Drowning cases in the emirate have more than doubled in the first half of this year compared to the same period last year, and children face particular risks.
Dubai sees spike in drownings, mostly children
DUBAI // Drowning cases in Dubai have more than doubled in the first half of this year compared to the same period last year, and children face particular risks, according to officials. Of the 36 people who drowned in the first six months of this year, a quarter of them were children under the age of 18. Major Ahmed bu Ruqweba, acting head of the Dubai Rescue Police, said drowning cases involving youngsters are a big concern. "Keeping children safe is the main challenge for us. Leaving children unsupervised at a beach or pool can be deadly."
On August 5, a nine-year-old Pakistani girl died after she drowned in a swimming pool in her family's apartment building, which is located in the Al Twar area. A few days later a 17-year-old boy had to be rescued off the shore of Al Mamzar beach after trying to swim too far away from the shore. More than 70 per cent of the drowning incidents registered in Dubai last year involved children, according to Dubai Police statistics.
"Negligence is a main factor behind drowning cases. In many incidents drowning occurs when a child just decides to take a swim at the beach or pool while the parents are preoccupied with something else," said Maj bu Ruqweba. The major said swimming pools in buildings and villas were especially dangerous, and stressed the importance of parental supervision and following safety and health regulations.
Pools in residential buildings, hotels, offices and parks are monitored by the Public Health and Safety Department of the Dubai Municipality. The department's regulations state that a certified lifeguard must be present when a pool is occupied. They also require that safety equipment such as first aid kits and flotation devices must be available at all times. "Municipal inspectors check pools in buildings regularly to ensure all procedures are being followed," said a municipal spokesman.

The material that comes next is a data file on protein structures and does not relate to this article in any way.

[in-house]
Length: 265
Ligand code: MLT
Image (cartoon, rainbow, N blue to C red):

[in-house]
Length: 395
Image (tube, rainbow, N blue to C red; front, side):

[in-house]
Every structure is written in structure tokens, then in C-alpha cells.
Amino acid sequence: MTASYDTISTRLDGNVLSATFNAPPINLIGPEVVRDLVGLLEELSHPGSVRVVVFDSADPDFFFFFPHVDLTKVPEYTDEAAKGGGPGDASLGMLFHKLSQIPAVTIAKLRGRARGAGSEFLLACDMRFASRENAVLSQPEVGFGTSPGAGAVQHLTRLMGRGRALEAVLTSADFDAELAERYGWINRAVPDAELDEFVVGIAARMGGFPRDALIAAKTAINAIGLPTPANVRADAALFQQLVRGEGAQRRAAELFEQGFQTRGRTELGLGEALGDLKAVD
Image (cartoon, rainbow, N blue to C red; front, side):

But as the number of buildings with swimming pools in Dubai increases, there is immense pressure on the civic authority to ensure that the rules are being followed, he said. Najwa Hassan, a mother of five, said she always fears something will go wrong when they are at the beach, even though she keeps a close watch on her children. "I keep following them with my eyes and call them if they go far, but it is so easy to lose track of one of them, and an accident can happen within seconds," she said.
To increase safety awareness among children and make them more cautious, the Dubai Police rescue department regularly holds lectures in schools and universities. The department also carries out rescue drills in universities to make young people aware of the dangers of not following rules. "Spreading safety awareness is fundamental to our work because it is often a lack of understanding of the repercussions of certain behaviour that causes accidents," said Maj bu Ruqweba. "For example, many people - especially younger ones - swim in the sea even when there is a red flag warning people of bad weather conditions that affect the safety of the beach. They take it as a challenge, and this is very dangerous."